Monday, October 16, 2017

LIBERATION DAY: North Korea again, from an unusual angle, in Olte/Traavik's new rock doc

I'm not sure why but, so far at least, nearly every movie I've viewed about North Korea -- mostly documentaries but also even the sometimes-comic The Interview -- have proven too long, repetitive and a little too boring for their own good. Finally, here comes a documentary to do with North Korea that, despite its being -- yes, again -- too long, repetitive and a little too boring for its own good, is still more enjoyable and thought-provoking than the usual. If not as much fun as the winner (so far) in this genre, The Lovers & the Despot, the 2016 documentary, LIBERATION DAY provides enough intelligence and eye-opening food-for-thought-and-view that it slips just barely into the realm of acceptability.

As co-directed by Uģis Olte and Morten Traavik (the latter of whom is shown at right), the movie's most interesting moment occurs immediately, as this quote from the rock band Laibach appears onscreen:

All art is subject 
to political manipulation 
except that which speaks 
the language of 
the same manipulation. 

Hmmmm, we think to ourselves and immediately begin applying that idea to the movie, country and band at hand, the first of which details the would-be momentous event of this band's surprising invitation -- the first ever for a rock band -- to perform inside the highly closed state of North Korea. That the band's accouterments, from costumes to appearance to performance and much else -- fairly drip of fascistic images (coupled to conscious and consistent irony) makes the invitation even more bizarre.

Unaccountably, a couple of Laibach's songs became hugely popular in North Korea, perhaps because these were "cover" versions of songs from, yes, The Sound of Music, which the North Korean populace probably heard without benefit of any accompanying visuals, thus making them near-completely lose both the sense of Laibach's irony and (most likely made-fun-of) overt fascism.

So here we are as the band arrives in North Korea for what is perhaps the most unwelcoming "welcome dinner" in history, and then we watch and listen as the band's program is consistently undercut by the North Korean censors, even as Laibach tries its level best to abide by the hugely curtailed "freedom" that country allows. Early on, one of the retinue decides to go for an unscheduled walk-around-town, despite the fact that the group has been warned not to go anywhere alone and/or without prior permission.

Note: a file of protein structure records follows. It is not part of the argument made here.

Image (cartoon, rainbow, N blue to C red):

Undoubtedly because the freedom-to-film is every bit as subject to censor and "permission" as all the other freedoms in this self-titled democracy, what we end up watching for a too-long 100 minutes is often repetitive and not at all what might be the best or most apt visual for us to see. Still, over time, things come together, as does the concert itself, and we're finally treated to a small portion of this, as well as to the absolutely bizarre response from its seemingly baffled audience.

Along the way, yet another stand-off between the Koreas, North and South, occurs and various provocations continue to arise. All this happened before our own nutcase/liar-in-chief rose to the Presidency, but it certainly would have been even more interesting had Laibach's performance come a couple of years later.

In the press quotes for the film, as well as in the actual film itself, we are treated to reactions from HBO Emmy-winning John Oliver and everyone's favorite (mine, at least) Slovenian philosopher Slavoj Žižek as to the importance of the band's visit. Peter Bradshaw of The Guardian calls this "a genuinely historic event."  Indeed, historic the visit may be, but the movie about it surely ain't. Instead, it keeps promising so much more intelligence, laughs, music, surprise, wonder and/or irony that it can possibly, under these constrained circumstances, ever deliver.

And so we come back to that above quote and what it says/means. The art/language of Laibach (wherever did the band get its name, I wonder? It always makes me think of that famous sexual direction, "Lie bach and spread your legs") is so full of irony, as well as politics, history, pretense and fantasy, while the art/language of its host (is there "art" in North Korea? Isn't real art individually created rather than collectively?) is something real, chilling, provocative and hugely damaging to its citizenry. Or perhaps Laibach is saying that its own art is above such manipulation because -- ah-hah! -- it already understands/speaks in that same manipulative manner.

Well, figure it all out for yourself. The movie, disappointing as it is, is still worth seeing for the questions it raises and for the event it covers. Released by Sundance Now, the documentary receives its U.S. theatrical premiere at New York City's Film Forum this Wednesday, October 18. Elsewhere? No idea, but one would imagine the film will see the light of day (or the light of a movie-house disc player) in a few more cities around the country.

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